5 Boondocking Locations and Free Campsites in Nevada



Nevada doesn’t get too many tourists outside its main cities of Las Vegas and Reno because many believe it's just a barren desert. Though the vast desert terrain spreads far and wide between the cities, there is more than meets the eye if you take the time to get off of Interstate 15 or 80. 

In the north, Lake Tahoe and the Sierra Nevada beckon experienced hikers, while the far south has the cool waters of Lake Mead that are perfect for kayakers boondocking near Las Vegas. Travel off the beaten path and surround yourself with natural beauty as you begin your boondocking in Nevada trip. All you need is a good-quality map and a sense of adventure!

Can I Go Boondocking in Nevada?

Of course, you can! In fact, there might be no state better suited for boondocking than Nevada. A full 85% of the state’s land is owned by the federal government, including the national forests and the national park that are free or low cost. Great Basin National Park, Nevada’s sole national park, doesn’t even charge an entrance fee.

Boondocking in Nevada can be challenging, though. The deserts are blazing hot in the afternoon and freezing at night. Up in the mountains, snow covers the roads at least six months out of the year. It’s a state full of extremes, and preparation is key to having a good time here. However, those that come ready to meet Nevada’s challenges are rewarded with an amazing boondocking experience that’s like nowhere else in America.

Top Locations For Boondocking in Nevada

Camping in Nevada is a true adventure. Most of the places you can go boondocking in Nevada are primitive campsites. These areas offer very few amenities and don’t accept reservations. Come prepared with everything you’ll need for the trip: adequate water supplies (drinking and washing), food, fuel (gasoline and propane), and empty black water tanks if there are no toilets at the site. Below are some of the Battle Born state’s best spots for getting off the grid.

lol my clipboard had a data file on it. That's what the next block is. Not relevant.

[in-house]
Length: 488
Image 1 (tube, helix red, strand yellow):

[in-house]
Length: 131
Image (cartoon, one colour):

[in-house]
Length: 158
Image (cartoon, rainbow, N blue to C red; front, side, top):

Lower Bluster Campground

Free-Campsites-in-Nevada-1.jpgThis high elevation remote campground sits just outside the town of Jarbridge in the Humboldt-Toiyabe National Forest near the Idaho border. It’s a beautiful alpine location close to the Jarbridge River with abundant hiking opportunities close by. Due to its high elevation, it’s only open from June through October.

Amenities: Amenities and space are limited at this mountain campground. However,  a vault toilet is available, and each site comes equipped with picnic tables so you can enjoy dinner around the table. RVs should not exceed 25 feet in length as campsites are quite small, and the road to reach them is challenging for larger vehicles.

Capacity: 2 sites 

More information: Lower Bluster Campground 

Berry Creek Dispersed Campground

Free-Campsites-in-Nevada-2.jpgThis campground is also in the Humboldt-Toiyabe National Forest but in a non-contiguous section much further south. Berry Creek is about two hours from Great Basin National Park and is a good base camp for exploring this remote section of the state. The campground is at 8,200 feet, though, so it’s best to stick to summer and early fall trips as it can get quite cold (and snowy) outside of those months.

Amenities: There’s a single vault toilet at Berry Creek, but it’s not serviced during the off-season (late October to early May). The roads up to the campground are very windy and rough, so be warned that larger RV rentals are likely to get stuck.

Capacity: 5 sites

More information: Berry Creek Dispersed Campground